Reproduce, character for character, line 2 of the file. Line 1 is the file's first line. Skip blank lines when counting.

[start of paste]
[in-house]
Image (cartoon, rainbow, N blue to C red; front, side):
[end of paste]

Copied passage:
Image (cartoon, rainbow, N blue to C red; front, side):